The Irish Museum of Modern Art
is presenting the first Irish exhibition by the internationally acclaimed Thai artist and film-maker Apichatpong Weerasethakul. Opening to the public on Wednesday, 27 July 2011, For Tomorrow For Tonight features new work that explores the theme of night through video, photographs and installation. Weerasethakul is the winner of the prestigious 2010 Cannes Film Festival Palme d'Or prize for Uncle Boonmee Who Can Recall His Past Lives. He is the director of Tropical Malady, winner of a jury prize at Cannes and Blissfully Yours, winner of the top prize in the Un Certain Regard program at Cannes in 2002; and at the 63rd Venice Film Festival, his film Syndromes and a Century is the first Thai film to be entered in competition there.
Night and darkness are recurring motifs in Weerasethakuls films, themes that are further examined in the exhibition. For Tomorrow For Tonight comprises the films Goodnight Jenjira Bathroom; Goodnight Jenjira Living Room; For Tonight; and the sound work For Tomorrow. This new multimedia installation is made following The Primitive Project, which has been shown to critical acclaim around the world, and his feature film Uncle Boonmee. It has been specially made for the exhibition at IMMA and will be completed within days of its presentation.
Working outside the strict confines of the Thai film studio system, Weerasethakul has directed several features and dozens of short films. Themes reflected in his films and frequently discussed in interviews include dreams, nature, sexuality and Western perceptions of Thailand and Asia. His films display a preference for unconventional narrative structures, like placing titles/credits at the middle of a film, and for working with those who have no previous experience of acting. Apichatpong belongs to a new generation of Thai artists and film-makers who are now very visible on the international art scene, and which includes figures such as Rirkrit Tiravanija, whose work was shown at IMMA in the .all hawaii eNtrées / luNar reggae exhibition in 2006.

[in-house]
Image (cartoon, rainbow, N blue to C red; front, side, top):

Born in Bangkok in 1970, Weerasethakul holds a degree in architecture from Khon Kaen University and a Master of Fine Arts in Film-making from the School of the Art Institute of Chicago. He began making film and video shorts in the early 1990s, and completed his first feature, Mysterious Object at Noon, in 2000. Often, non-linear, with a strong sense of dislocation, his works deal with memory, subtly addressed personal politics, and social issues. He is active in promoting experimental and independent filmmaking through his company Kick the Machine, founded in 1999, and has mounted exhibitions and installations in many countries since 1998.
The exhibition, curated by Enrique Juncosa, Director of IMMA, is accompanied by a fully-illustrated catalogue designed by Pony Ltd., London and features texts by the artist; Chris Dercon, Director of Tate Modern, Eungie Joo, curator at New Museum, New York and Tony Rayns.